Now that you have configured auto scaling for writes on the table and the index, repeat those configuration steps for reads. See the complete AWS CloudFormation template (JSON, YAML) for the read capacity details.

Create the stack

Now that you have a complete template, you can create the stack and verify that you get the expected resources.

  1. Choose Launch Stack, which opens the AWS CloudFormation console.
    Launch stack
  2. On the Select Template page, choose Next.
  3. On the Specify Details page, you can specify different names for the stack, index, and table. Then choose Next.
  4. The Options page has a few optional configuration details that you can skip for the purposes of this post. Choose Next.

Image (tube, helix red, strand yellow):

5. Finally, you have to acknowledge that the template might create IAM resources in your account. Select the check box, and then choose Create.

Now that you have a complete template, you can create the stack and verify that you get the expected resources. The stack should take about two minutes to create.

After AWS CloudFormation creates the stack, navigate to the DynamoDB console, choose the newly created table, and then choose the Capacity tab to see the details about the auto scaling configuration, as shown in the following screenshot.Screenshot of the Capacity tab with details about the auto scaling configuration

On the Indexes tab, you can see that auto scaling is enabled for both reads and writes (READ_AND_WRITE is displayed in the Auto Scaling column).

Screenshot of the Indexes tab showing that auto scaling is enabled for reads and writes